Archive - Nov 27, 2008
At the journalism conference at Central Connecticut State University, I told one of the organizers that I had heard about the conference through Twitter. She was pleased to hear that and mentioned it in part of the introduction. Twitter is changing the way people gather news. As I sat there, it occurred to me, “I Get My News on Twitter”.
When major events, or even minor events happen, I usually hear about it first on Twitter. Yesterday, Colin McEnroe talked about Twitter on his radio show, and I heard about that via Twitter. I heard about the attacks in Mumbai via Twitter. When there have been earthquakes or tornados, I’ve heard about that first from Twitter.
One problem is that I currently follow over 900 people on Twitter. It can be hard to keep them straight. One tool that I used to try and help with this is FriendFeed. FriendFeed aggregates information from Twitter, FriendFeed, Facebook, Identi.ca, Flickr, and many other services. Beyond that, it allows you to set up rooms where people can gather. I’ve set up rooms for various groups that I’m part of and that has been helpful.
Another site that I’ve really liked recently is My Social Chatter. It brings up a Twitter screen in half the page and a FriendFeed screen in the other half. Every two minutes it refreshes.
It was watching the FriendFeed section of MySocialChatter, that I learned about PeopleBrowsr. When I first started playing with it last night, it was very slow, perhaps because Robert Scoble had just mentioned it. It is still listed as being in Alpha testing; as I write this, it is listed as version 0.691.
This morning, I went back, and started to use it to tag people that I know from EntreCard. It was very easy to find a lot of friends from EntreCard on Twitter using PeopleBrowsr and to tag them. Unfortunately, I haven’t found an easy way to see a stream of all the people with a specific tag. I hope this is coming soon.
As I write this blog post and continue to test PeopleBrowsr and post tweets about it, I received a message from NutureGirl about PeopleBrowsr being in Alpha and a new version coming soon. In a subsequent Tweet, she talks about PeopleBrowsr as one of her clients. She describes herself as a ‘Community Flow Catalyst’; a great title. If the folks launching PeopleBrowsr have a ‘Community Flow Catalyst’ working for them on Thanksgiving morning, while they are still in beta, I have very high hopes for the project. Other sites should learn from PeoleBrowsr and make sure they have ‘Community Flow Catalysts’ in from the very beginning.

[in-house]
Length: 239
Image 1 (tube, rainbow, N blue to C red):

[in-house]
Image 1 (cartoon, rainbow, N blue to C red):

Another site that I’m keeping an eye on is tarpipe.com. Unlike PeopleBrowsr, they claim to already in be in Beta, but their beta seems much less reliable than PeopleBrowsr’s Alpha. What I like about tarpipe is that it uses OpenID for authentication. However, the signup process just isn’t working, at least for me. I’ll check it again some other day.
On the topic of OpenID, many people are lauding the Obama administration for including OpenID support on change.gov. I’m also very excited about it. They are using intensedebate to handle the OpenID authentication. The one problem I have is that intensedebate does not appear to fully support OpenID v 2.0.
In particular, OpenID v 2.0 supports xri. So, using one of my inames identities, I can log into sites that support OpenId v 2.0. The two inames identities that I use are =aldon.hynes and @ahynes1. They use different inames services, but what is really cool is that if the site supports OpenID V 2.0, like identi.ca does, then I can login simply as @ahynes1. Pretty cool for microblogging services. I just wish I could login a =aldon.hynes on Change.gov
Here are pages I've recently bookmarked with ma.gnolia:
08:03 PM October 15, 2006 from web "
My first Twitter (at least as Twitter shows them right now)